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A Mob at Wednesbury

Thursday, Oct. 20.—After preaching to a small, attentive congregation (at Birmingham), I rode to Wednesbury. At twelve I preached in a ground near the middle of the town, to a far larger congregation than was expected, on “Jesus Christ, the same yesterday, and today, and forever” [Heb. 13:8]. I believe everyone present felt the power of God: and no creature offered to molest us, either going or coming; but the Lord fought for us, and we held our peace.

I was writing at Francis Ward’s, in the afternoon, when the cry arose that the mob had beset the house. We prayed that God would disperse them; and it was so: one went this way, and another that; so that, in half an hour, not a man was left. I told our brethren, “Now is the time for us to go”; but they pressed me exceedingly to stay. So, that I might not offend them, I sat down; though I foresaw what would follow. Before five the mob surrounded the house again in greater numbers than ever. The cry of one and all was “Bring out the minister; we will have the minister.”

I desired one to take their captain by the hand and bring him into the house. After a few sentences interchanged between us, the lion became a lamb. I desired him to go and bring one or two more of the most angry of his companions. He brought in two who were ready to swallow the ground with rage; but in two minutes they were as calm as he. I then bade them make way that I might go out among the people.

As soon as I was in the midst of them, I called for a chair; and standing up, asked, “What do any of you want with me?” Some said, “We want you to go with us to the justice.” I replied, “That I will, with all my heart.” I then spoke a few words, which God applied; so that they cried out, with might and main, “The gentleman is an honest gentleman, and we will spill our blood in his defense.” I asked, “Shall we go to the justice tonight, or in the morning?” Most of them cried, “Tonight, tonight”; on which I went before, and two or three hundred followed; the rest returning whence they came.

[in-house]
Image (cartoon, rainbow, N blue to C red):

The night came on before we had walked a mile, together with heavy rain. However, on we went to Bentley Hall, two miles from Wednesbury. One or two ran before to tell Mr. Lane they had brought Mr. Wesley before his worship. Mr. Lane replied, “What have I to do with Mr. Wesley? Go and carry him back again.” By this time the main body came up and began knocking at the door. A servant told them Mr. Lane was in bed. His son followed and asked what was the matter. One replied, “Why, an’t 1010     Correct to the text. please you, they sing psalms all day; nay, and make folks rise at five in the morning. And what would your worship advise us to do?” “To go home,” said Mr. Lane, “and be quiet.”

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